NSF NeTS program, CNS-1318292
- Kang G. Shin (PI), University of Michigan
- Sihui Han (PhD student), University of Michigan
- Xinyu Zhang (PI), University of Wisconsin
- Xiufeng Xie (PhD student), University of Wisconsin
- URL: http://xyzhang.ece.wisc.edu/FSS
The objective of this joint project between University of Michigan and University of Wisconsin is to gain insights into coexistence of Gbps and legacy WLANs, develop an optimization framework to enable efficient spectrum sharing between them, and validate the proposed solutions in a medium-scale software-radio testbed. The emerging Gbps WLAN standard, 802.11ac, is in a draft stage but will soon be ratified and deployed along with legacy WLAN protocols. 802.11ac relies heavily on spectrum aggregation to achieve ultra-high throughput. An 802.11ac channel occupies up to 160MHz spectrum, overlapping with 8 legacy channels each with 20MHz. Such spectrum sharing between heterogeneous wireless channels, despite its importance, has not garnered enough attention from network designers. Existing network operations, such as carrier sensing, treat each 160MHz-channel as an atomic block, thus forcing the entire channel to suspend its transmission even when it is only partially occupied by, say, a 20MHz-channel. A wideband channel may thus severely underutilize its spectrum, and may even be starved when it overlaps with multiple narrowband channels with saturated traffic.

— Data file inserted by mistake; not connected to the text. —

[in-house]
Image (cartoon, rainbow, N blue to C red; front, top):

Using a testbed of COTS mobile devices, we first conduct an extensive measurement study to uncover the root cause of inefficient and unfair spectrum sharing between Gbps and legacy WLANs. Then, we develop an optimization framework which leads to decentralized spectrum sharing and channel access algorithms with provable efficiency and fairness guarantees. The algorithms will improve the MAC layer’s awareness of heterogeneous spectrum sharing, and enforce intelligent control over the PHY layer through fine-grained spectrum access and opportunistic spectrum aggregation. They will realize Gbps wireless networking even in a crowd of low-rate legacy networks/devices, and will be further generalized to whitespace networks (WiFi 2.0), where available spectrum blocks are scattered over a wide range, and hence, heterogeneous spectrum sharing becomes a central issue. Our solutions will be validated via a full-fledged implementation and experimentation on a medium-scale software radio testbed.